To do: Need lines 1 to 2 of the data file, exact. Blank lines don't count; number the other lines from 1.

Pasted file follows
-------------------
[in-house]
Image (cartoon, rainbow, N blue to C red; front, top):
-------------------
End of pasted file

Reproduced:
[in-house]
Image (cartoon, rainbow, N blue to C red; front, top):